Awamaki empowers rural Andean women with skills training, connects them to global market, and enables them to earn an income.
Our mission is to collaborate with the greater Ollantaytambo community to create economic opportunities and improve social well-being.
We envision highly skilled Andean women artisans engaged in the market economy, running successful cooperative businesses, and leading their communities out of poverty.
Awamaki was founded in early 2009 to provide market access to a cooperative of ten women weavers from Patacancha, a rural Quechua community in the Peruvian Andes. Awamaki’s founders, Kennedy Leavens, Miguel Galdo and Emma Hague, had worked with the weavers at Awamaki’s predecessor organization, a local museum, for two years. When the museum could no longer support the project, Miguel, Kennedy and Emma formed Awamaki to continue their work with the weavers.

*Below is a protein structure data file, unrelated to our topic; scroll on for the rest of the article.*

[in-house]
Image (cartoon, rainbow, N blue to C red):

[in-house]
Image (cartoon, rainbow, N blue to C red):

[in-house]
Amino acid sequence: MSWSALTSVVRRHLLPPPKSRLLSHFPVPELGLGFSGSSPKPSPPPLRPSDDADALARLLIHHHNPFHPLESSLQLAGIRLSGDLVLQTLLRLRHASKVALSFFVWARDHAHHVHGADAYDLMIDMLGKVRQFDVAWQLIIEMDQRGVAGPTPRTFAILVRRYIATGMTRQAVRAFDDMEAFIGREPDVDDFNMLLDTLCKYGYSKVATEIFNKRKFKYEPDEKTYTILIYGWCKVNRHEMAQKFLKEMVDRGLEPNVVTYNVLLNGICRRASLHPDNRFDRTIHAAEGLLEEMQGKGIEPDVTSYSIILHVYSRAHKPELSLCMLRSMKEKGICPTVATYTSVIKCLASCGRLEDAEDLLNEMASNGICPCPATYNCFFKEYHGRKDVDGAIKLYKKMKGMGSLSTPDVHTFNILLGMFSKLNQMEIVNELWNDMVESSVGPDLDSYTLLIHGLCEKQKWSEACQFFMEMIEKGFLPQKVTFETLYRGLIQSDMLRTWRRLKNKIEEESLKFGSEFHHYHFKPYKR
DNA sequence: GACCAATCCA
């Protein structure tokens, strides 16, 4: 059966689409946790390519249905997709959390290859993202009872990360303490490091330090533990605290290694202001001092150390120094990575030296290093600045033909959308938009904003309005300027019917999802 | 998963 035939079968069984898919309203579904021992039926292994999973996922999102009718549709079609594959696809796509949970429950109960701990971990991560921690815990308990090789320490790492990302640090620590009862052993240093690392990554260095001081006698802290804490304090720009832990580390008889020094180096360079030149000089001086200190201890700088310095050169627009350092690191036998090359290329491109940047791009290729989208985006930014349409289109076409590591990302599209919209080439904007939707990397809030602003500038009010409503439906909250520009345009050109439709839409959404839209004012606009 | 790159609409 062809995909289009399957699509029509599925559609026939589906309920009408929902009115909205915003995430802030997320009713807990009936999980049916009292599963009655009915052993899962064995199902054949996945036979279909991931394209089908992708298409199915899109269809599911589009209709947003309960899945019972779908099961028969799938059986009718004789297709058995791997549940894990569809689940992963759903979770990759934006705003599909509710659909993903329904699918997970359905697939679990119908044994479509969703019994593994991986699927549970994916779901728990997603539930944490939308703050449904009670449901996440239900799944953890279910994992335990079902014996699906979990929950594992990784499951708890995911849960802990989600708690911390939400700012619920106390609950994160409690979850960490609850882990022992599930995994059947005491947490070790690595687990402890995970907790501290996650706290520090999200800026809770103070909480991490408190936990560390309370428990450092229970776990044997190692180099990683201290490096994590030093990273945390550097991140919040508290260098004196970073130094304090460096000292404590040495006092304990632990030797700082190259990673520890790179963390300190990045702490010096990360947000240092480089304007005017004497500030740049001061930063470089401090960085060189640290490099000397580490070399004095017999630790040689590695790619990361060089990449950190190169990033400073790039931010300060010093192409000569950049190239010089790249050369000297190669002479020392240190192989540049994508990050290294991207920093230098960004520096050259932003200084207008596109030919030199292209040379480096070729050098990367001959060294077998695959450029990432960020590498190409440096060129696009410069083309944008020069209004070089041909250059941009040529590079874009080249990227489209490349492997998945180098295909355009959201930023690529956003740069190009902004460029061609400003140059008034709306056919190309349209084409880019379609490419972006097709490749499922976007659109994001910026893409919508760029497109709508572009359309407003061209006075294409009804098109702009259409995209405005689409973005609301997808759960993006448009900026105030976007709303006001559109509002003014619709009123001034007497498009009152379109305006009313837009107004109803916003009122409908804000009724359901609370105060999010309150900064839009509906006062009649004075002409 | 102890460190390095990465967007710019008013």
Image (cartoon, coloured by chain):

Since 2009, Awamaki has grown to include other programs in economic empowerment, education and skills development, and sustainable tourism.
We help to empower indigenous women weavers and create the opportunity for them to achieve a higher degree of financial independence. We organize women's artisan cooperatives, provide skills-building workshops (in spinning, weaving, knitting and sewing) and provide access to the market through our Fair Trade Store in town, thereby allowing women to earn a reliable income.